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Volume 32 Issue 1 (January 2022)

GSA Today

Article, pp. 52–54 | PDF



Print Your Compass: Using 3D Printed Geological Compasses for Teaching and Research Purposes

Antoine Triantafyllou

Lyon Geology Laboratory—Earth, Planets and Environment (LGL-TPE), Université Lyon 1, ENS de Lyon, CNRS, UMR 5276, Villeurbanne, France; antoine.triantafyllou@univ-lyon1.fr



A geological compass is an essential tool in the geologist’s field kit. It is used in various geosciences disciplines, including geological mapping and structural geology. The past decade has seen the emergence of digital geological compasses through excellent smartphone or tablet apps (e.g., FieldMove Clino, eGeoCompass, Stereonet Mobile), the reliability of which has been demonstrated for teaching and research purposes (e.g., Novakova and Pavlis, 2019; Lundmark et al., 2020). Although these digital compasses are highly ergonomic and have greatly improved the speed and the rate of data collection (Zobl et al., 2007; Allmendinger et al., 2017), it is essential that undergraduate students learn how analog geological compasses work and how to use them to characterize the orientation of given geological structures (i.e., foliations, lineations, or a combination of both) and transcribing this information in the right format in a notebook. What is the minimum requirement for a geological compass? It must be equipped with a clinometer, a precision magnetometer—ideally with a fixed circular graduation—a measuring reference trench, and a bubble level. Various geological compasses are available on the market (e.g., Brunton, Freiberg, Topochaix brands) with several models in different price ranges. Nevertheless, equipping large student groups with robust, accurate, semi- to fully professional models of geological compasses still represents a significant cost. This is why I initiated the PYC (Print Your Compass) project, building upon the emergence of affordable digital fabrication tools such as 3D printing, which is particularly facilitated by the development of shared workspaces such as FabLabs and creation networks in academic institutions and/or universities (Hasiuk, 2014; de Lamotte et al., 2020; Reynolds et al., 2020).

This paper aims to provide detailed 3D plans of compass pieces, guidelines for printing materials, magnets and pivot system, and validating the accuracy of printed compasses. I hope that such initiatives will allow students from their first degree to master’s level, teachers, and geoscientists in general, to print their geological compass at a lowered cost, adapted to their specific needs, and with sustainable manufacturing.


How to Print Your Compass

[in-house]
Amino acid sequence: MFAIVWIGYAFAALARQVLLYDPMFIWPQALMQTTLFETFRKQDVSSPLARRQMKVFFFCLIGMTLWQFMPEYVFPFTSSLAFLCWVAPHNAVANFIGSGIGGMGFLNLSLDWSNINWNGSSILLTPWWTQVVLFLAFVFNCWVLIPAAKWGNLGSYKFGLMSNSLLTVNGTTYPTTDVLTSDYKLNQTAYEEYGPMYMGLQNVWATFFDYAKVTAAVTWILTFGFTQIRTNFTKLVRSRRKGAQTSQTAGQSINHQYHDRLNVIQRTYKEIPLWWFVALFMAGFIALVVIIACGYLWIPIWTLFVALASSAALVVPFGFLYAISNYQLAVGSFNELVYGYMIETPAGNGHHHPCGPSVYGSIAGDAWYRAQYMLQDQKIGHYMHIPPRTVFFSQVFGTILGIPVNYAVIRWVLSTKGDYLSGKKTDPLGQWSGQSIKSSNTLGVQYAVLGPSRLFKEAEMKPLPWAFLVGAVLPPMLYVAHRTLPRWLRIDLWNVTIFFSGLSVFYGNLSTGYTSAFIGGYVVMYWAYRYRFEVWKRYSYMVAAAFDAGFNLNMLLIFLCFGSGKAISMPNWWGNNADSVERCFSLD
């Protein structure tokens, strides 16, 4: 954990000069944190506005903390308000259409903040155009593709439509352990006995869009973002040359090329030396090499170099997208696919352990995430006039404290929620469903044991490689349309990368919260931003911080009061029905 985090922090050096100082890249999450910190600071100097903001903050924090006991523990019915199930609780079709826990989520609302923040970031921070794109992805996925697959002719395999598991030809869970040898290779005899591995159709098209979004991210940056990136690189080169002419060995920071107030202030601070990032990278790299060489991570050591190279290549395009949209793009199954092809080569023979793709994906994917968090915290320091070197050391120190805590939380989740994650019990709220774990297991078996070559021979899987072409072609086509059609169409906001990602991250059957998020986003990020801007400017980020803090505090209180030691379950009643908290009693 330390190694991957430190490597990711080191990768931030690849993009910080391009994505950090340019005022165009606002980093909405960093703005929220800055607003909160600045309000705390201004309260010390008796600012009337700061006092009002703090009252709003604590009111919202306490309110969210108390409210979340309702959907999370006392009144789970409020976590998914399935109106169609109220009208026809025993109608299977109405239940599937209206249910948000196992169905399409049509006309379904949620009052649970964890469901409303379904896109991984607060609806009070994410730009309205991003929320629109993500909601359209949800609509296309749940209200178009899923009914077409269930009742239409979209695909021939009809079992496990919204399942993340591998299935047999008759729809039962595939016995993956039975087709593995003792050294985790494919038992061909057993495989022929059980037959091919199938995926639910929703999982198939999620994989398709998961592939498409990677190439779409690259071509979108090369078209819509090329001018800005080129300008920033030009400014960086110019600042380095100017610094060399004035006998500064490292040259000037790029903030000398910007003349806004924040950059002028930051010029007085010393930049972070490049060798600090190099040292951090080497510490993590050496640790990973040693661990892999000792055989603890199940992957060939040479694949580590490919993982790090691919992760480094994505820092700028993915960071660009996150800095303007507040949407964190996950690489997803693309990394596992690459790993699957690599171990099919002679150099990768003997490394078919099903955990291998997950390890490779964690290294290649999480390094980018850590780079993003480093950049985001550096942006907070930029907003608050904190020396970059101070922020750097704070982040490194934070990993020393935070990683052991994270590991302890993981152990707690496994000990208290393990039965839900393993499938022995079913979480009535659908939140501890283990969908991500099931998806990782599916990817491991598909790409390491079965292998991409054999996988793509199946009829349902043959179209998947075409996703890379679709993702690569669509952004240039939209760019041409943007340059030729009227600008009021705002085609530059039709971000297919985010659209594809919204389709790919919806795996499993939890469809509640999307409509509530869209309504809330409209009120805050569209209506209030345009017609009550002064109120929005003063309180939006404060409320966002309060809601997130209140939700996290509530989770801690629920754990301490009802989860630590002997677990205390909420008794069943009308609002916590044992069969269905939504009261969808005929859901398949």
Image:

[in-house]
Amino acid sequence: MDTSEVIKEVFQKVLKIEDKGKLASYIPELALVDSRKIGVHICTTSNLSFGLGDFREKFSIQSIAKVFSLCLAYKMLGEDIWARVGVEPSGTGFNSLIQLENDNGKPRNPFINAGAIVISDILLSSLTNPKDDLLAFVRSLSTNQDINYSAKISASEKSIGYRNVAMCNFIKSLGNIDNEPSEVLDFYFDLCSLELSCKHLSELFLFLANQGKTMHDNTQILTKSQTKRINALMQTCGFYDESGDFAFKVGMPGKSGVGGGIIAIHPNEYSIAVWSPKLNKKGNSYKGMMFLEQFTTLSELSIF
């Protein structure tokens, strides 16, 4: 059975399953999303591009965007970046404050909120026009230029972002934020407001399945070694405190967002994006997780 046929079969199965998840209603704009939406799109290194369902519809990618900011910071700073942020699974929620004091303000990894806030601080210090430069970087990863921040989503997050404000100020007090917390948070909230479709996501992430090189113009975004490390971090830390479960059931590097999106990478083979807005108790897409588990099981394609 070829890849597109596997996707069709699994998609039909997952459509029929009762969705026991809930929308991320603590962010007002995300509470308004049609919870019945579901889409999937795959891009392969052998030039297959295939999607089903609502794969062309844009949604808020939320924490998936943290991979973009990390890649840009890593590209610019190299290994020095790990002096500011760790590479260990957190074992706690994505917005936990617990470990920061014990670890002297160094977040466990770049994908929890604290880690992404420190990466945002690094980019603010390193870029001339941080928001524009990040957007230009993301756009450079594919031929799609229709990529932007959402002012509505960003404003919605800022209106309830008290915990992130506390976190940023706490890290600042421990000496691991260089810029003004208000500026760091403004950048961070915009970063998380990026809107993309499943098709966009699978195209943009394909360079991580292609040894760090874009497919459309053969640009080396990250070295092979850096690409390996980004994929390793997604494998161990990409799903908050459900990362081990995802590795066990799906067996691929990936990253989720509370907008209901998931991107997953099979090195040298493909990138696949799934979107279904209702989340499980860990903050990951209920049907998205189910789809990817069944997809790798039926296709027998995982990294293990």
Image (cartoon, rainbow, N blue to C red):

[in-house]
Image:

The PYC compass (v.0.94) presented in Figure 1A is designed in five modules. Part 1 is the core of the compass, printed here using Selective Laser Sintering (SLS) in rigid Nylon Polyamide (PA12) with a printing resolution <80 µm. The front side of Part 1 is made of a cylindrical cavity embedding the precision compass, and the back side is marked by a circular gully in which a 2-mm-wide brass ball will be used as a clinometer. Part 2 comprises the magnet and pivot system. It is made of a pile of three stacked pieces printed using SLS–PA12 (Fig. 1A) in which a brass pivot and four Nd-magnets (15 mm long × 3 mm in diameter) are enclosed. The magnet and pivot system is ultimately stacked and sealed by two vertical nylon screws. The magnet and pivot system is balanced on a brass nail crossing Part 1 vertically. Part 3 and Part 4 are the closing windows placed on each side of the PYC compass. They both consist of a 2-mm-thick and 80-mm-side square plexiglass window. They are crucial parts of the compass as they display the graduations for precise measurements. Part 3 comes with inclination degrees from 0 to 90° (with a precision of 2°), and Part 4 is graduated from 0 to 360° for azimuth measurement respective to north (with a precision of 1°). Graduations can be directly printed onto plexiglass pieces or as transparent flipped vinyl stickers placed on their inner side. Small nylon screws are used to fix these windows to the main part of the PYC compass. Part 5 comprises two levels and the casing of the PYC compass. One rounded level (15 mm in diameter and 8 mm in height) can be embedded on the front side of the PYC compass to enable levelling, along with a second cylindrical level on the side of the PYC compass to improve finding the line of slope on a planar structure. The protection case, printed here in a flexible resin (thermoplastic polyurethane), is designed to laterally slide the PYC compass in it and act as a shock absorber. The whole compass is 10 × 10 × 2.3 cm in size and weighs less than 0.25 kg. It can be easily disassembled, and each of the constitutive pieces can be replaced. The 3D models can be found in the supplemental material1 or here: https://skfb.ly/opCJY. These are licensed under a Creative Commons Attribution 4.0 International License (CC BY 4.0).